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the behaviors your displaying are not "fears of abandonment" due to the past abuse, they are the codependent though patterns that develop over years of dealing with an abusive or addictive personality.


all the times that you rationalized and thought things like:


"my dad's just a hillbilly, he's just tough as nails and i get my ass kicked for a good reason"


or "he/she just drinks a lot, they're big on getting drunk, but they're still good people"


you are building codependent behaviors. you are building a thought pattern of rationalization and self blaming that will continue to express itself in future relationships.


they way they commonly display themselves is in the way that:


1. you tend to sacrifice your needs a lot.

2. your behavior is expressed in a violent way, and there is an expectation of acceptance and rationalization at the part of the second party recipient.

3. there are rationalizations that take place "she's just getting over her past realtionship" "she's just got trust issues"



it's important to understand that trying to work through these complex emotions is almost impossible to do alone. they are not context dependent, they are environment dependent.


you need to seek counseling for the previous negative environments:


1. it's important to realize that the past rationalizations are wrong. even though it's hard to say, you were mistreated in your past, and you need to go to someone and admit the things that happened.


2. please join al-anon if there is a history of dealing with someone with substance abuse. Al-anon is for people and families dealing with someone with a history of drug/achohol dependency. it is filled with people going through the same thing.


3. seek help for your own dependency issues if there are any.


4. realize that the pattern will continue if professional counseling is not saught after.


5. realize that it is possible to overcome these behaviors and tendencies, but you need to be aware of their presence. ask your therapist about codependency, and look it up online.


I have similar issues and i know it's hard. I love my dad very much, but i've been severely mistreated as a child. it's not my fault, and it's not my anger issues i'm dealing with, it's his, but it has affected me, and it will take a long time to overcome.


it's hard but it can be fixed. you need to not feel guilty or shameful of this. this shame and guilt is not about you, it's about the behaviors that you've experienced and are now acting out apon.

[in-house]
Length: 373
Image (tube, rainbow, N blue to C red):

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I know I need counseling I am currently seeking some type of free couseling. I wish he would have stood by my side. Now he is probably with another girl and I'm alone thinking about them together. I just need to get over the fact that he is gone and try to not think about it. I just need to keep trying. thank you.

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what he's doing is healthy for him, he's making decisions based on what he wants, and you need to do the same.


you're starting to feel expectations you've developed in yourself.


for example:

In your past

you may have rationalized rather than knowing that you getting hit is NOT o.k. (for example) it's not your fault and you didn't deserve it. instead you've made it your problem.


this is not his problem, and it's not yours. it's the problem of the person who mistreated you playing itself out in your life choices and behaviors. if he stayed in this environment when it hurt him, he would be displaying codependent behaviors.


some things to do on your own:


1. list out three times you've been hurt by someone.


2. for each of those three times, list out the feelings that came from the hurt.


3. for each of those feelings list out the ways you might have made excuses for it.


4. for each of those excuses, write out the reverse and the reality of the situation as though you were an outsider looking in.




1. My dad hit me with a broom.


2. i felt sad and angry, upset and hurt.


3. i thought i deserved it, i made him mad enough to do it. i kept pushing his buttons, and i was really rude to him. i made him that way.


4. I didn't deserve it, and i didn't make him do it. he's in control over his emotions, not me. even though i was rude to him, i didn't make him that way.



also, look up online about codependency. I hope the free counseling helps. also, if you enroll in community college or any other educational institution, counseling is included.

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Oh I understand, well I have been in very un healthy relationships in the past with cheating, and alcoholism. My dad did leave at an early early age and he was on drugs so that may be what is inside of me hurting me. I have always felt like it didn't bother me but maybe it is in the back of my mind?

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well it's not the ignoring the bothering thing that's the problem, it's the ways in which you may have dealt with things that hurt you.


for example:


rationalization: making excuses for another persons behavior.


internalization: making yourself responsible for someone else's actions.


These are thought patterns that develop during a codependent realtionship. i'd expect that maybe your relationship with your mom wasn't a healthy one either.


anyway, it's those thoughts that you have to work on reversing through cognitive therapy techniques.


eventually, you won't be in a situation where your behavior or another's behavior will be rationalized or internalized.


the most important step is to realize that staying with an abusive or addictive person is not o.k.


you can't make or help a person change, they have to do it and want to do it themselves.

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i may have misdirected you a bit.


here's what i think is up:


you may have a fear of abandonment, which may have lead you to stay with partners that have mistreated and/or abused you. in the process, you have developed rationalization and internalization techniques to deal with staying. those techniques are unhealthy. It's important for you to deconstruct those learned behaviors through cognitive therapy and work on feeling comfortable being alone.


your father leaving you, and the possibility that your mother has had some codependency issues herself is what you need to bring up in counseling.


you can't avoid these emotions your feeling, you have to hit them face on. you can do it though!!! if i can, you can. it's painful and hard, but it's the most rewarding kind of pain.